#10473
    Turtill
    Member

    @Swiebertje wrote:

    Welcome to Wayfarer sailing, a hobby executed by a bunch of people that loves the equivalent of having a shower with their clothes on while tearing up 100 pound notes.

    The pivot hole is actually 16 mm wide (maximum measure) and the mast pin is minimal 6 mm. Its function is to limit the amount of mast movement so we all race under similar conditions. Racers must have the pin mounted. Other then that the pin is a useless piece of equipment that only gets in the way of a real good trim, though it does play a helpful role when one wants to lower his mast.

    There are fancy and expensive stainless steel rods you could use, with holes drilled in the ends for shiny stainless key rings. I believe you can order them from the builders. An alternative is found in any DIY shop; a galvanised 6 mm steel bolt of sufficient length and a wing nut. To top it of, add a couple of large 6 mm washers. And yes, galvanised steel does rust but if you replace the bolt every year it takes fifteen years (and bolts) to come close to the price of an “official” SS-rod, unless you make one yourself of course.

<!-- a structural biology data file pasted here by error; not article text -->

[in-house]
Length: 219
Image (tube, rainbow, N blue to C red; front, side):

Fantastic answer Swiebertje, you have told me everything I needed to know about that issue. Many thanks indeed.

    pete

    #10474
    Turtill
    Member

    Mike Summers, thank you for your post. I am going to get a bolt to start with and get my son to make me a pin. My boat is very old and I had considered having a Squib too but I am having second thoughts already and I may just trade my boat in for a better boat that would enable me to race. It is all to be decided by SWMBO and the market place.

    pete

    #10475
    Turtill
    Member

    Dave, I have a crafty plan. I will ask my son to make one for me:-)

    pete

    #10479
    admin
    Member

    Stainless steel has had a bad press and I find I can work it with normal HSS drills so long as I a) lubricate and b) am assertive.

    SS is not especially hard but it does work-harden quite quickly so if you are going to drill it is best to use a good sharp bit in drill-press. If you put a drop of oil on the drill tip then push it through in one go applying firm pressure you should not have too much of a problem.

    The difficulties arise from a not-so-sharp bit that is not pushed hard to get the hole started.

Viewing 10 posts - 1 through 10 (of 10 total)
  • You must be logged in to reply to this topic.